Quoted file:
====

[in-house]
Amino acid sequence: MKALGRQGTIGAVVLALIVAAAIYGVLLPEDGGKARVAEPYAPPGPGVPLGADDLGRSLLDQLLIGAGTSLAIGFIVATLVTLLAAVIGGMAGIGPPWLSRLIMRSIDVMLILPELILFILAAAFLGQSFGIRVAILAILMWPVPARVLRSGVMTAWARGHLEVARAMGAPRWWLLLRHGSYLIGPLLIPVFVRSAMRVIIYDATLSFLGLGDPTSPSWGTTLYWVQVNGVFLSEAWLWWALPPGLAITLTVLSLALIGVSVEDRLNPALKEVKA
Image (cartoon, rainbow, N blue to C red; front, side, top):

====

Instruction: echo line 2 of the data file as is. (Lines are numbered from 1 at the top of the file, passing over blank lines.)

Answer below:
Amino acid sequence: MKALGRQGTIGAVVLALIVAAAIYGVLLPEDGGKARVAEPYAPPGPGVPLGADDLGRSLLDQLLIGAGTSLAIGFIVATLVTLLAAVIGGMAGIGPPWLSRLIMRSIDVMLILPELILFILAAAFLGQSFGIRVAILAILMWPVPARVLRSGVMTAWARGHLEVARAMGAPRWWLLLRHGSYLIGPLLIPVFVRSAMRVIIYDATLSFLGLGDPTSPSWGTTLYWVQVNGVFLSEAWLWWALPPGLAITLTVLSLALIGVSVEDRLNPALKEVKA